The comparators 105A-H form the voltage and current supply detection section of the tracking circuit. The AND gates 115A-D, OR gate 112, and inverters 110A-D form the track logic portion of the tracking circuit. The OR gates 120C-D in conjunction with the supply control circuits 125A-D form the output control section of tracking circuit. The voltage ramp 125 provides the reference portion of the tracking circuit.
FIG. 1 is only one hardware configuration for the tracking device. A preferred embodiment of the invention can apply to any comparable hardware configuration. For example the comparators 105A-H can be from any class of open loop devices having a differential comparison input devices such as op-amps. Moreover, the AND gates and Or gates and comparators may be replaced by alternative discrete and integrated circuitry providing the same functions individually or as a whole.
One skilled in the art should recognize that the tracking device illustrated in FIG. 1 could be expanded as needed to facilitate the monitoring of as many supply voltages and currents as necessary. Moreover, the tracking Vgs supply control circuitry (125A-D) can be in the form of discrete transistor devices such as PNP, NPN, MOSFET, and other devices adapted to hold supply voltages and currents at a given state.
FIG. 2 illustrates a flow diagram of a method 200 for tracking and modifying supply voltages using a tracking device. When necessary, FIG. 1 is referenced in the following discussion of FIG. 2. Specifically, FIG. 2 illustrates the initializing tracking function 225 included within the tracking device, soft-start, and supply monitoring during supply transitions from an on or off state, to a final value.
The method 200 begins when the tracking device is initialized at 205. At 210 the supply control circuits 125A-D are enabled. The method 200 proceeds to 215 to determine if a soft-start of any of the supplies is required. If soft-start is required, the tracking function is not enabled until the supply being soft-started reaches the desired value.
If a soft-start is not required, the method proceeds to step 220 where the programmed ramp voltage from voltage ramp source 125 is activated. The method 200 them proceeds to 225 to activate the tracking function described within the discussion of FIG. 3 below.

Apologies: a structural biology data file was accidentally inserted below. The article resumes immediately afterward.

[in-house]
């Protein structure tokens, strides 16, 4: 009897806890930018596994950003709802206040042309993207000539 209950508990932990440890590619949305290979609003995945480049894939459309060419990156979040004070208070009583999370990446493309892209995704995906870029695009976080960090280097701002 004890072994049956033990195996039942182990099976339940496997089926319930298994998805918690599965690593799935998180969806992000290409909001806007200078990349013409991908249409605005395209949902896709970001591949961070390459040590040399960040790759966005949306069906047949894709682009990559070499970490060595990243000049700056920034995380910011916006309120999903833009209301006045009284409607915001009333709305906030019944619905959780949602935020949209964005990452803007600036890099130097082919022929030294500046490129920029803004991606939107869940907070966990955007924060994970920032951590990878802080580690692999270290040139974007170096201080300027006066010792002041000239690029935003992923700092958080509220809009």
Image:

At 230 all of the output values of the power supplies are measured to determine if they have all reached their desired values. If the power supplies have all reached their final values, method 200 exits at 235. If the power supplies have not all reached their final values method 200 proceeds to 225.
FIG. 3 illustrates a flow diagram of 225 for tracking and controlling supply voltages. When necessary, FIGS. 1 and 2 are referenced in the following discussion of FIG. 3. Specifically, FIG. 3 illustrates the tracking function 225 included within the tracking device as shown in FIG. 1. The tracking function is adapted to: monitor a plurality of input supply voltages during transition to a final value, compare the voltage of each supply against a reference voltage ramp set to a desired slew rate, and maintain each supply within a specified slew rate boundary as defined by the voltage ramp and predetermined offset values.
The method 225 begins when the tracking device is initialized at 305. The tracking function 225 is independent and operates identically for each supply (i.e., Vo1-V04). At 310, the voltage value of Vo1 is compared to the ramp voltage plus Voffset-A and the ramp voltage minus Voffset-B. If the value of Vo1 is less than the ramp voltage plus Voffset-A and greater than the ramp voltage minus Voffset-B the method 225 proceeds to 320. At 320 if Vo1 does not equal the Vo1 final value, the method proceeds to 310. If Vo1 is greater than the ramp voltage plus Voffest-A or less than the ramp voltage minus Voffset-B, method 225 proceeds to 315 to enable the slew rate function illustrated in FIG. 4 discussed below.
The method 225 is identical for each supply being monitored. For example, at 325 (340, 360), the voltage value of Vo2 (Vo3, Vo4) is compared to the ramp voltage plus Voffset-A and ramp voltage minus Voffset-B. If the value of Vo2 (Vo3, Vo4) is less than ramp voltage plus Voffset-A and greater than the ramp voltage minus Voffset-B the method 225 proceeds to 335. If Vo2 (Vo3, Vo4) does not equal the Vo2 (Vo3, Vo4) final value (i.e., the end output voltage), the method proceeds to 325. If Vo2 (Vo3, Vo4) is greater than the ramp voltage plus Voffest-A or less than the ramp voltage minus Voffset-B, method 225 proceeds to 315 to enable the slew rate function discussed in FIG. 4 below.